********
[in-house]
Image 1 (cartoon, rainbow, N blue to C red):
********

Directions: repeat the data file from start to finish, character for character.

[in-house]
Image 1 (cartoon, rainbow, N blue to C red):